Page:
14 thoughts on “Pixi Beauty Mist review: Glow, Hydrating Milky, Vitamin Wakeup, Makeup Fixing”
Mists and sprays have never been my ally, so I only gravitate towards them if the ingredients, rather than the water-y medium + container, are functional and can be had at a comparative bargain (because I’d rather splurge on treatments that improve rather than maintain skin texture and tone). I use them when you do, if there’s going to be a lull between washing + toning and other treatments, including chemical exfoliants, and I want to avoid tight, rapidly dehydrating skin. I just lazily spray into my hand and smooth over my face, otherwise I waste product by allowing it to drip off of me and I get my already-greasy hair even oilier. I tend to overdo things, though, so I just layer one after the other, normally two or three at a time.
My thoughts re Pixi mists are similar to yours. I’ve tried Hydrating, Vitamin, and Glow, and if I’m using all three at once following a more sophisticated toner, I’ll use them in that order, thinnest to ones slightly more substantial in texture. They’re serviceable, like Pixi oils and “serums,” but I prefer their cleansing products if I’m shopping at a boxstore.
I’ve only tried one Pixi cleanser so far (the Glow Mud), but generally I’m really not fussy about cleansers – they’re the only step in my routine where I’ll grab any non-stripping cleanser and be OK with it!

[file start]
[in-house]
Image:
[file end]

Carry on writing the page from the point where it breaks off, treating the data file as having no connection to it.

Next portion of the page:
Actually I lie – I’ve tried their cleansing balm as well, but I wasn’t wowed by it.
Interesting about the cleansers! I am slightly sheep-faced about this, but when I’m on a budget I’ll take an unsexy but non-irritating and highly-spreadable / lubricating moisturizing lotion or cream in a hygienic package so I can afford higher quality (antioxidant-rich, peptide-laden) serums, treatments, and oils. I don’t care where I get “moisture” from, if below and above that layer I’m using all the right things. I also like buying cheapier night-time ones to help spread if not dilute tackier (like, literally they feel tacky to the touch), more expensive products. I’d be interested to know if this approach is counter-productive in the long run.
I wonder if you’ve ever done or would consider doing a post about strategies for determining, budget-wise, which skincare steps deserve priority and how to stretch expensive products without creating incompatibility issues.
(Also, now that I think about it, I’ve used that Pixi balm in my hair as a mask more often than I have on my face. I do like it as a quasi-facial mask, though, when I’m doing other bathroom things — nothing scatological, just teeth-brushing and hair-fluffing and so forth — and might otherwise be tempted to pick at my spots and blackheads. Masks are great for discouraging that particular compulsion.)
I just got my hands on the Sun Mist and the Vitamin Wakeup mist and am excited to test them. We here in Germany head into summer, so both come exactly at the right time.
Other than that I only tried the Makeup Fixing mist. My issues with the bottle were the same and I was not sure if it really was worth the hassle for the results.
I’m so glad to hear it wasn’t just me being clumsy with the mist!
I was very much felt the same towards mists at the beginning when they started becoming all the rage, and I thought they were a bit of a pointless step in my routine. But now I am all about mists!